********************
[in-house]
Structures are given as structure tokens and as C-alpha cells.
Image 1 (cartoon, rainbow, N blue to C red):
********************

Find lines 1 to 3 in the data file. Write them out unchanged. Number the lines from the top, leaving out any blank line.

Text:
[in-house]
Structures are given as structure tokens and as C-alpha cells.
Image 1 (cartoon, rainbow, N blue to C red):